Animal DNA can be collected from air, scientists show for first time
New research has shown for the first time that animal DNA can be collected from the air, and the finding could help in the understanding of the transmission of airborne diseases like Covid-19, the study author said.
Scientists at Queen Mary University of London said their work could potentially be applied to forensics, anthropology and medicine.
Dr Elizabeth Clare, senior lecturer at the university and study author, said the technique could be used to sample the air to “collect real-world evidence” to support things like social-distancing guidelines.
With this technique we could actually sample the air and collect real-world evidence to support (social distancing) guidelines
The team looked at whether environmental DNA (eDNA) could be collected from air samples and used to identify animal species.
The study, published in the journal PeerJ, showed that airDNA sampling could successfully detect naked mole-rat DNA from a room – as well as human DNA in the air.
Most studies to date have focused on the collection of eDNA from water.
The papers states: “Our analysis provides a first proof of concept demonstration that air samples are a viable source of DNA for the identification of species in the environment.”
It adds: “Following the success of eDNA sampling from water, we anticipate that sampling for airDNA will become useful in a wide variety of non-invasive applications from ecological sampling to forensic analysis.”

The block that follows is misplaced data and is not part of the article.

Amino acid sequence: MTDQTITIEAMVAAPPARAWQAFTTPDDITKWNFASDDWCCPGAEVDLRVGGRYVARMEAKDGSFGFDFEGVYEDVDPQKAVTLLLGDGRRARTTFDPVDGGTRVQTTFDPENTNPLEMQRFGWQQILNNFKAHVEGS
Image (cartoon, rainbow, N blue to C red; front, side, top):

Dr Clare said: “Here we provide the first published evidence to show that animal eDNA can be collected from air, opening up further opportunities for investigating animal communities in hard to reach environments such as caves and burrows.”
The research team is working with partners in industry and the third sector, including the company NatureMetrics, to see how the technique can be applied in other ways, the university said.
Dr Clare said: “What started off as an attempt to see if this approach could be used for ecological assessments has now become much more, with potential applications in forensics, anthropology and even medicine.
“For example, this technique could help us to better understand the transmission of airborne diseases such as Covid-19.
“At the moment social distancing guidelines are based on physics and estimates of how far away virus particles can move, but with this technique we could actually sample the air and collect real-world evidence to support such guidelines.”